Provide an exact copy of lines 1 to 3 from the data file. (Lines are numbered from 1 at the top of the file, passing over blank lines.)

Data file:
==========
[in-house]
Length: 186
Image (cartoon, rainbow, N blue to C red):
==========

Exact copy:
[in-house]
Length: 186
Image (cartoon, rainbow, N blue to C red):